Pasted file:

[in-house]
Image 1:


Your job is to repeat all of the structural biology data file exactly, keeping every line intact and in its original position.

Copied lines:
[in-house]
Image 1: